Broadcasts: Reading with Antonina Gugała

Blum & Poe Broadcasts presents free and public access to scholarship and writerly ponderings from our publications archives.

In focus this week—excerpts from the upcoming publication New Images of Man edited by Alison M. Gingeras (Los Angeles: Blum & Poe, 2020). 

From this project, Broadcasts features the essay A New Family of Man by Antonina Gugała. 

Installation view of New Images of Man featuring works by Deana Lawson and Zofia Rydet
Blum & Poe, Los Angeles, 2020, © the artists, photo: Makenzie Goodman

Primarily known as a pioneer of photography, Edward Steichen participated in pivotal events of the relatively short, yet fast-paced history of the new medium. Alfred Stieglitz’s student and collaborator, cocreator of the famous Camera Work magazine, and an active contributor to the legendary 291 Gallery, Steichen promoted photography as an art form. He exhibited his work at the gallery and was a key player in the introduction of European Modernism to America: Constantin Brâncuși, Paul Cézanne, Henri Matisse, and Auguste Rodin are among the artists he helped import to his adopted homeland in the US. Steichen, born in Luxembourg, was one of the most successful commercial photographers of his time, as well as a veteran of both world wars and an adept of aerial photography. At age fifty-seven, he had his first exhibition at the Museum of Modern Art in 1936. A decade later, Steichen was appointed the director of MoMA’s photography department—a position he held for the next fifteen years, organizing over forty exhibitions that shaped curatorial practice from the late 1940s on.

During his tenure at MoMA, Steichen refrained from fulfilling his own artistic ambitions of continuing his own photography practice. As a curator, he remained faithful to the ideal that an exhibition “should also have an existence of its own, as does any other work of art.”[1] Family of Man was no exception. With the Cold War in full swing, and perhaps daunted by the moralistic nature of the anti-conflict exhibitions he had previously curated for MoMA (e.g. Korea - The Impact of War in Photographs, 1951), Steichen changed course, focusing instead on an optimistic, conciliatory survey of photography. MoMA’s epoch-making group exhibition was conceived as an affirmation of the universal human experience through the lens of photography. Family of Man celebrated the camera as a powerful, immersive tool for the promulgation of images and postwar humanist ideology. After the exhibition opened in New York in 1955, Steichen’s signature show went on a nearly seven-year world tour. According to his 1963 memoir A Life in Photography, between 1955 and 1962, approximately nine-million viewers in sixty-nine countries around the world had the opportunity “to see themselves reflected” in over five-hundred images depicting men, women, and children—making it the most popular photography exhibition to date. The show was followed by a publication with the same title, which quickly became the best-selling photography book in history. It is still in print today, more than sixty years later.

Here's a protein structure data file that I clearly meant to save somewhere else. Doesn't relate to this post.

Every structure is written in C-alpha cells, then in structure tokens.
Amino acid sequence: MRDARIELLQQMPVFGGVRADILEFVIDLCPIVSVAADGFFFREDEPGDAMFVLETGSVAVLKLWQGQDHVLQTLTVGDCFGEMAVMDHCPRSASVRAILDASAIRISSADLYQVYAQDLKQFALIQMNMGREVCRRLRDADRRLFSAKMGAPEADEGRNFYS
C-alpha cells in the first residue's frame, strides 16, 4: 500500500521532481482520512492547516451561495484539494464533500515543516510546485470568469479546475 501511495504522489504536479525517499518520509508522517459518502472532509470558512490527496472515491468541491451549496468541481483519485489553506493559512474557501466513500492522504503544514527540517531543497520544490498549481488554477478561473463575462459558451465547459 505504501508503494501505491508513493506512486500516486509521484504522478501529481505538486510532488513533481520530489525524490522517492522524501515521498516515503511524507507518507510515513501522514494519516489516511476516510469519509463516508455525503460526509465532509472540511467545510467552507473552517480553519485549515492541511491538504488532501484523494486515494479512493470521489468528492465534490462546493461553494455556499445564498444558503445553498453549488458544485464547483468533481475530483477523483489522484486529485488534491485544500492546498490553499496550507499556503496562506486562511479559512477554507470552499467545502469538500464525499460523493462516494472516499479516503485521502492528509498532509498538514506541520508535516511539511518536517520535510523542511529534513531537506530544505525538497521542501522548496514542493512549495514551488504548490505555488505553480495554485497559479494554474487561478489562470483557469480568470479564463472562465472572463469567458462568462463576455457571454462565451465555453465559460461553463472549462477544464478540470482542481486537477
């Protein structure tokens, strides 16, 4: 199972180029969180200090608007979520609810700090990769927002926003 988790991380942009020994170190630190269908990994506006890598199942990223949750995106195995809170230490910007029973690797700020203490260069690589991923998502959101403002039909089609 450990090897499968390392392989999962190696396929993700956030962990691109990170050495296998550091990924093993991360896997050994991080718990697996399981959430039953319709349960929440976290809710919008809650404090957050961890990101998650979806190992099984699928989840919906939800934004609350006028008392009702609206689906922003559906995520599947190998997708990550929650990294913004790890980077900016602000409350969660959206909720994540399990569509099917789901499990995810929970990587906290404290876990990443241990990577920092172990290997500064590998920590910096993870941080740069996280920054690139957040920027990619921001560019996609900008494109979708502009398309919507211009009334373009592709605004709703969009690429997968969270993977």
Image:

Zofia Rydet, The Sociological Record, Podhale Region, 1978, © Zofia Rydet Foundation

Between 1959 and 1960, Family of Man toured Poland, making stops in seven different cities. A few years into a photography practice that she began at the age of forty, local artist Zofia Rydet saw the exhibition in Warsaw. Steichen’s show made a strong impact on Rydet’s work and inspired her to complete her first photographic series, titled Mały człowiek (Little Man), exploring themes of childhood. She showed these images at her first solo exhibition organized in Gliwice in 1961 and later published a titular book. A compendium of black-and-white photographs of children shot in the vein of humanist photography à la Henri Cartier-Bresson, Rydet’s book was published in 1965 (reissued in 2012 by the Archeology of Photography Foundation) to popular appeal. The book—made in collaboration with Wojciech Zamecznik, one of Poland’s greatest graphic designers of the postwar period—constitutes a great example of the auspicious Polish People’s Republic school of design with its propensity for laconic forms and witty graphic solutions. Promoting neither communist nor capitalist ideals and carefully avoiding the superficial appraisal of her subjects, Rydet instead captures the individuality of each of the protagonists, who represent a number of non-Western countries (the photographs were taken in Albania, Bulgaria, Czechoslovakia, Egypt, Lebanon, Poland, and Yugoslavia) that shared the universal experience of growing up in the global peripheries of a brutal post-World-War-II reality. 

People and their environments were always the focal point of Rydet’s oeuvre. Zapis Socjologiczny (or the Sociological Record) was a larger-than-life documentary series, differing in style and scale from her earlier, more visually conventional works. In this project, Rydet amassed nearly twenty-thousand negatives, with each frame depicting interiors of ordinary households and their inhabitants. Shot in Poland and abroad, Rydet initially sought to document a rapidly changing rural landscape in the late Communist era by documenting interiors in the Southern region of the Polish People’s Republic. She also photographed subjects from urban centers and traveled to the US to document home interiors of the Polish diaspora. Rydet’s images were centrally composed, each lit with a single flash, and shot with wide-angle lenses, their subjects looking directly at the photographer. As Rydet described it: